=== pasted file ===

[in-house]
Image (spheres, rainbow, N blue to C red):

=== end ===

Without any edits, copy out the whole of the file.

[in-house]
Image (spheres, rainbow, N blue to C red):